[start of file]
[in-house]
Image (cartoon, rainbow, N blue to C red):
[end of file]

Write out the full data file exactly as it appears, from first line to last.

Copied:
[in-house]
Image (cartoon, rainbow, N blue to C red):